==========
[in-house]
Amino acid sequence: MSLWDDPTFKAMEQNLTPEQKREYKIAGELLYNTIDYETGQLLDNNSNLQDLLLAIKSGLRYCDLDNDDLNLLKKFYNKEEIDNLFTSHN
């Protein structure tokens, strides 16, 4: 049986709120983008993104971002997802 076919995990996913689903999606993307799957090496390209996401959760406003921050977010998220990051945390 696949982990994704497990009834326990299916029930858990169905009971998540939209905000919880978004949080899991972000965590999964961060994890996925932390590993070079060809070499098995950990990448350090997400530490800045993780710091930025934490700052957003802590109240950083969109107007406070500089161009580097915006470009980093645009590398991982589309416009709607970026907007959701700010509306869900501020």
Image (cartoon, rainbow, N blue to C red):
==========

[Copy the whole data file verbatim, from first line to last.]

[in-house]
Amino acid sequence: MSLWDDPTFKAMEQNLTPEQKREYKIAGELLYNTIDYETGQLLDNNSNLQDLLLAIKSGLRYCDLDNDDLNLLKKFYNKEEIDNLFTSHN
């Protein structure tokens, strides 16, 4: 049986709120983008993104971002997802 076919995990996913689903999606993307799957090496390209996401959760406003921050977010998220990051945390 696949982990994704497990009834326990299916029930858990169905009971998540939209905000919880978004949080899991972000965590999964961060994890996925932390590993070079060809070499098995950990990448350090997400530490800045993780710091930025934490700052957003802590109240950083969109107007406070500089161009580097915006470009980093645009590398991982589309416009709607970026907007959701700010509306869900501020």
Image (cartoon, rainbow, N blue to C red):